Source Waste Reduction: A Case Study on Waste Minimization at Beverage Services Kenya Limited (BSK)

Richard Karori Kinuthia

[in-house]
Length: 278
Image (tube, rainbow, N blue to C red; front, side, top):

The extraordinary growth of waste globally is an indicator that creating waste, rather than reducing it is more popular. The amount of money spent in disposing of the waste generated, dwarfs the amount spent to reduce it. The reduction of waste generated at the source can be a solution to the current crisis facing most local municipalities and the country at large. Reduction of waste at the source provides avenues and management practices that ensure waste is minimized. This project has studied waste (solid and water) generated at Beverage Services Kenya Limited (BSK), a plant involved in the production of carbonated and non-carbonated products in polyethylene terephthalate (PET) and tetra package containers. To realize this goal, the entire process was divided into distinct units of operation based on the different processes in which the raw material inputs and the process outputs were evaluated to yield a material balance. The material balance indicated the efficiency of the entire process that involved handling and conversion of the raw materials to finished products. Synthesis of the material balance indicated processes with high inefficiencies resulting in high waste generation. Through a waste audit in the specific processes, corrective measures were devised to address the inefficiencies in six out of the fifteen process inputs identified. The implementation of the corrective measures in the six selected inputs resulted in a reduction of waste in the different processes. The preforms had a +0.6% improvement in yields equivalent to a annual savings of nine hundred thousand Kenya shillings. Sugar had a +0.25% yield improvement equivalent to one hundred thousand Kenya shillings savings. Strategic ingredients had a savings of half a million Kenya shillings equivalent to a +3.7% yield improvement. Water had a 3.8 million liters savings equivalent to slightly over half a million Kenya shillings savings. Carbon dioxide had a +14.1% yield improvement equivalent to over five hundred thousand Kenya shillings savings. The packs had a +5.5% yields3improvement equivalent to five million Kenya shillings savings. The result of the entire project was tabulated and analyzed using statistical process control (SPC) charts. At the end of the project, the waste treated outside the plant reduced from ten tonnes in January 2009 to three tonnes in the month of October and November 2009 translating into a 70% waste reduction. The project thus demonstrated that it is possible to reduce waste at the source in a small scale approach such as this case study done at BSK, hence can be extended to cover large scale options like municipalities and the country at large. The project at the end demonstrated the environmental and economic beneficial that can be realized.


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